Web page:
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No Loose Change? Chinese Beggars Are Now Accepting Mobile Payments

If you still have any doubts that mobile devices have taken over our lives, this should make you a firm believer: smartphones and QR codes have become tools of the trade for Chinese beggars. If you’re feeling generous, you can simply whip out your phone, scan a a printed QR code and transfer some money to the beggar’s account.

Local media have spread news of mobile-savvy beggars in the city of Jinan, in China’s Shandong province. They gather in areas popular with tourists, holding begging bowls that contain a QR code printout. Anyone with Alipay, WeChat Wallet, or some other mobile payment app can scan the code and make a donation. Wait, beggars in China have mobile phones? Well, according to state media outlets, that’s not actually a rare thing.

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Soulless Chinese Beggars Stoop to Mutilating Camels to Gain Sympathy and Improve Earnings

Beggars in China are stooping to new lows in order to gain sympathy (and money) from impressionable passers-by. Horrific pictures show deliberately mutilated camels that are being used to beg for donations. Apparently, the trick has worked wonders so far – the beggars’ collections have increased because people are quite sympathetic and end up donating generously to help the poor animals.

The latest case was discovered in Fuzhou city, China’s Fujian Province, where two men in ragged clothes were spotted kneeling down and begging, while holding the reins of a camel. When the police approached them, they found that the camel had no hooves, and the wounds indicated that they had been deliberately cut off.

In another incident, Fuzhou Evening News reported the case of a camel found by the roadside. It had been led through the streets by a beggar, and then abandoned. News reports suggest that beggars have been spotted with injured camels in several other cities such as Shenzhen, Wenzhou, Shaoxing, Xiamen, Guangzhou, and Hefei. Read More »

Chinese Festival Organizers Create Human Zoo for Beggars

Beggars at a religious festival in Nanchang, southern China, have been ordered to either stay in specially-built metal cages or risk being removed from the city, in an attempt to stop them from harassing visitors.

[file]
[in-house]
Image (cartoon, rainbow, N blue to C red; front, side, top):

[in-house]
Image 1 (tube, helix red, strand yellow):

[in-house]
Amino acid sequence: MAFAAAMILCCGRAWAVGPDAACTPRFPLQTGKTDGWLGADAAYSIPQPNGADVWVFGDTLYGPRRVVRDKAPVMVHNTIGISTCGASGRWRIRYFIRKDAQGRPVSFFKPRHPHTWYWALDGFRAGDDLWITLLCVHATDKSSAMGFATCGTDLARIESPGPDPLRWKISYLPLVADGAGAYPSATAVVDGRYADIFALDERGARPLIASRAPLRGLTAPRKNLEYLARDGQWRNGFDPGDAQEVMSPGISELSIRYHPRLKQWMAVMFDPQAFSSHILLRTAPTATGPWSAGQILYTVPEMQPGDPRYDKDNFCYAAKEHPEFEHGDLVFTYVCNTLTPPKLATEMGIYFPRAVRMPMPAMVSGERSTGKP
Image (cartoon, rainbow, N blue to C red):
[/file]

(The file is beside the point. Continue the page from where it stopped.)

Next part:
Living in a country where begging is a very lucrative business, I know what it’s like to constantly be disturbed by various characters asking for money (not food, money), but what these Chinese festival organizers did is a bit extreme. According to a Nanchang official, in recent years the number of beggars turning up for the local religious festival has increased to a point where they’re actually making temple visitors uncomfortable with their lamenting and pleading for some pocket change. So this year, to make sure everyone attending the festivities will be left alone, they decided to separate the hundreds of beggars in small metal cages around the festival grounds, where people can still give donations if they wish, but without being followed around and nagged while they’re on a day out with their family. Organizers did point out that the beggars in this pop-up human zoo entered their cages voluntarily and that no one is actually forcing them to beg for a living…

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The Clinging Beggars of China

To make sure they squeeze some money out of them, young Chinese beggars have begun clinging to the legs of their victims.

Picture this: you’re walking down the street, minding your own business when this helpless little beggar girl comes up to you and asks you to buy a flower. You say something like “no thanks” and move on. But wait, one of your legs seems to be immobilized. You look down at the leg and see that same girl wrapped around it saying she isn’t going to let go until you buy a flower. This sort of harassment takes place more and more often on the streets of China’s major cities.

Now, considering there’s rarely any police around to help you with the issue, there are two things you can do. One way to resolve this would be to kick her with your other leg, but what kind of animal hits a child, right? So your only other option is to actually buy the flower and see to your business. Maybe you think there are other ways to escape the grip of these persistent beggars, but those already trapped by one say they don’t let go no matter how hard you try to reason with them or even hit them.

So the obvious question is: are these clinging beggars to blame? I would be inclined to say no, because they’re just doing what they must to survive. There are criminals that send them to “work” every day and if they don’t earn their keep, they’re in serious trouble.

via bbs.163.com

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